So. Everyone knows this story, right?
Cool. Where was each tree located in the garden?
So in the center, we have the tree of life.
(Tov v'ra, "good and bad," is an idiom that means "everything" -- the English equivalent would probably be closer to "Knowledge from A-Z.)
But adam in Hebrew is also just "human." (adam from the adama, an earthling from the earth, a human from the humus.)
So maybe she was around.
But if you want to be literal, the text only records this instruction to the man.
So, first, let's get something out of the way: she adds to the instruction. The original instruction didn't contain anything about touching.
-God gave Eve different instructions (Adam wasn't told not to touch; she was).
-Adam relayed the instructions to Eve and added the part about not touching.
-Eve added the part about not touching.
So either Adam or Eve engaged in the first instance of the rabbinic practice of "building a fence around the law."
God tells Adam, don't eat from the tree of knowledge.
Eve says, we're not supposed to eat from the tree in the center of the garden (which has already been identified as the tree of life).
she took from its fruit and ate and gave also to her husband THERE WITH HER (imah) and he ate.
This entire time, the shmuck was standing right there not saying anything. All those stories about her running off to find him and seduce him? Heh.
from the tree God had commanded them not to eat from
(God initially identifies the tree of knowledge, Eve identifies the tree in the center of the garden--it's like the text is doing a shell game with the trees.)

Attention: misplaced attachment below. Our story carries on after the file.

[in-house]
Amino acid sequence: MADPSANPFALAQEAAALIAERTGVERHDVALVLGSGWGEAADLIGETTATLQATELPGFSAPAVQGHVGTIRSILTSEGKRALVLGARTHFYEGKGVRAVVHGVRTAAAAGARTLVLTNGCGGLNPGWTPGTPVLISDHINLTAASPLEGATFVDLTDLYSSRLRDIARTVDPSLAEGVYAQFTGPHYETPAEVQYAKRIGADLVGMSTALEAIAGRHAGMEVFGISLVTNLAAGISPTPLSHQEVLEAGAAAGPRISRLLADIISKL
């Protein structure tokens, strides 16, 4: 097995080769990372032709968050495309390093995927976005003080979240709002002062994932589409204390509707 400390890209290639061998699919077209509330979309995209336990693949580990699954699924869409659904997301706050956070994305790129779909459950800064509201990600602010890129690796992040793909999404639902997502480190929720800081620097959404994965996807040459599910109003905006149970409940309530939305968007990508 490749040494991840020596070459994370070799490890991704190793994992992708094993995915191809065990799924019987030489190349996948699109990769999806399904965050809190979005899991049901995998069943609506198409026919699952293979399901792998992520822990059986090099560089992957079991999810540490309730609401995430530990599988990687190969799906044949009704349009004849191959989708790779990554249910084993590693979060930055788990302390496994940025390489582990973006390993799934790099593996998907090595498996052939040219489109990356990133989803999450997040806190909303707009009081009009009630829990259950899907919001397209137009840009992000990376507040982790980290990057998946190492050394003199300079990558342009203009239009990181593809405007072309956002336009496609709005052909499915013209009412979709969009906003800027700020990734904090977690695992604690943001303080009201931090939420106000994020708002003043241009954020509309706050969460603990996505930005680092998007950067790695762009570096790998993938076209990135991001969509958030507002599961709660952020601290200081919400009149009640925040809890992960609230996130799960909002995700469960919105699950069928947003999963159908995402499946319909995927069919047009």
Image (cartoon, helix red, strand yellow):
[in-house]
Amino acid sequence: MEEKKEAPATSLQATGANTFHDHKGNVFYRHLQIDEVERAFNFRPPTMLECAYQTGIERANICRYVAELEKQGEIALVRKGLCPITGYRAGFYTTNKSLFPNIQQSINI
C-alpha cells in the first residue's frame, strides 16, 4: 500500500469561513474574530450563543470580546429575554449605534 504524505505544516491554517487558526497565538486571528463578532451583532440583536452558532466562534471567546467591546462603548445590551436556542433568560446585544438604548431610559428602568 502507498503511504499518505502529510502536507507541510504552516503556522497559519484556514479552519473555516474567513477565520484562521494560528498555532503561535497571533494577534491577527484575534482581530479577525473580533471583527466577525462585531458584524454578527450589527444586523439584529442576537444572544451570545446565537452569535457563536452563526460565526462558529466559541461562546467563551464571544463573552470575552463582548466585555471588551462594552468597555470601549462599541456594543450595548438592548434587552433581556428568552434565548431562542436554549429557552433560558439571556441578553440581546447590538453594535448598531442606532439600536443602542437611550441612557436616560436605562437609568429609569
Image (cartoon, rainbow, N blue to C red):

God speaking (unclear to whom, or who can hear), saying "we can't let them also eat from the tree of life" or... they'll live forever.
But they were already eating from that tree, no? They had permission to eat from everything except tree of knowledge.
Midrash goes WILD about the trees. It was two trees with a single root system, it was the same tree, one tree was the root system of the other, etc. Haven't encountered it, but there's probably stuff about the trees switching places.
Jewish mysticism doesn't always treat time as linear, so.
Eden as paradise
Sarah laughing to herself at the idea that she will have pleasure (edna) again in her old age. It's a root that doesn't occur all that often, so the link between those two instances rings out.
You can also read it with God as an overprotective parent, who wanted to keep the knowledge of what inevitably awaits adults--toil, exhaustion, and ultimately death--from the kids for a little longer
And birth is intimately connected with death. In the natural order of things, the birth of a child marks the entry into your life of someone who will see you die.